August 2002

The 360-Degree Audit: Early Warning Device for High-Risk Audit Teams

By Michael Sokol

CPA firms have invested heavily in internal controls and procedures, yet reputable firms still fail to identify major problems that force material restatements of earnings, risking catastrophic consequences. Enron is not unique: In 2001, 327 federal securities lawsuits were filed, a 60% increase over the 207 in 2000. The sudden collapse of Arthur Andersen reminds us that accounting is a high-risk profession where all it takes to sink an entire firm is one rogue audit team.

Members of an audit team can generally spot behaviors associated with insufficient knowledge, misrepresentation of information, lack of objectivity, or plain sloppiness long before a formal report is submitted to a company’s audit committee. If CPA firms identify audit teams that demonstrate such behavior early on, they can greatly improve their chances of taking appropriate corrective actions before such teams cause harm. Firms can install early warning procedures right now without radically changing their audit processes and without incurring the high cost of conducting forensic audits, which catch mistakes only after they have been made and do little to prevent them.

One way that CPA firms can identify warning signs of risky behavior in audit teams is to adopt the 360-degree assessment, an approach businesses have been using for decades. As the name implies, a 360-degree assessment looks at an individual or team from every perspective. In a corporation, everyone who has frequent contact with a manager or executive would assess their performance. Typically, the evaluators include the person’s boss, peers, direct reports, and even clients, vendors, or customers. It is an efficient, systematic, and structured way of collecting information from those most suited to provide it.

The 360-degree assessment is particularly useful for learning what’s going on within an audit team because it can focus on critical performance factors such as the technical quality of the audit, how it is being conducted, and the attitudes of those working on it. In addition, many 360-degree assessments give evaluators an opportunity to explain their ratings.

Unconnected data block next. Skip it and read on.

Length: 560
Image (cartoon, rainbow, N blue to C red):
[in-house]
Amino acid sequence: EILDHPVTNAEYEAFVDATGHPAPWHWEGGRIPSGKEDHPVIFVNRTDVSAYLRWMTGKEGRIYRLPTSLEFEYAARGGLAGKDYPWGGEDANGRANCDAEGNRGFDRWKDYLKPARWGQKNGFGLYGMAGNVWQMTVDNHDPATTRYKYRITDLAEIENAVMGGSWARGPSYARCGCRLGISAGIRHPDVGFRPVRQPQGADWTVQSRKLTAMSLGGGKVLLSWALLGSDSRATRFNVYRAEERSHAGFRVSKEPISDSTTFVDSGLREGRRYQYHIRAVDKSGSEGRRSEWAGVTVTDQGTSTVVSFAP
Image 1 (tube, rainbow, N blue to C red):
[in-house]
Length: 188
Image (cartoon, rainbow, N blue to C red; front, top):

In the 1980s and 1990s, as organizations became flatter, the average manager’s span of control increased dramatically. As a result, many managers no longer knew enough about their direct reports to make proper assessments. The growing irrelevance of top-down performance reviews led to more top-down/bottom-up assessments, and eventually to the 360-degree assessment. The International Personnel Management Association recently reported that nearly 90% of Fortune 1000 corporations now use some form of a 360-degree assessment.

Reducing the Risk of Failed Audits

The primary goal of 360-degree assessments is to have team rather than individual assessments and to identify at-risk teams before they become compromised.
The first step is to get a clear picture of risk factors, including such basic deficiencies as weak or incomplete technical accounting skills, lack of relevant experience, uncooperative or evasive internal financial staff, and reluctance to raise critical questions.

One way to identify and rate risk factors is to compare the capabilities of highly competent audit teams to those teams that have had compromised audits. Such comparative analysis can uncover warning flags and alert management that something is amiss.

A key step in applying the 360-degree approach is to construct a survey instrument to gather information about how the audit teams approach a specific audit or client, both technically and in the attitude toward the client and audit process. This method can measure the degree to which—

The survey can also assess how the members of the audit team define their work. For example, do they see their role as identifying accounting irregularities? Or are they more interested in putting the best face on questionable practices? The survey can collect both qualitative and quantitative information so the story behind the numbers can be readily examined and understood.

Assessment information can be gathered from all of the relevant members of the audit team, as well as clients, in a confidential and anonymous manner. Then an outside firm or an internal unit responsible for reviewing performance can analyze the results and single out audit teams that need new leadership, more support, or closer scrutiny. The results can also help the firm identify best auditing practices and provide feedback to audit teams that need improvement.

To speed the process and cut costs, surveys can be administered over the Internet. The firm can also spread the assessments out over the course of the year. This kind of electronic 360-degree assessment can be swift and economical, and, most important, can provide the firm with timely documentation of what is happening within its audit teams.

Michael Sokol is director of survey practice at Cambria Consulting (
The CPA Journal is broadly recognized as an outstanding, technical-refereed publication aimed at public practitioners, management, educators, and other accounting professionals. It is edited by CPAs for CPAs. Our goal is to provide CPAs and other accounting professionals with the information and news to enable them to be successful accountants, managers, and executives in today's practice environments.

©2002 CPA Journal. Legal Notices

Visit the new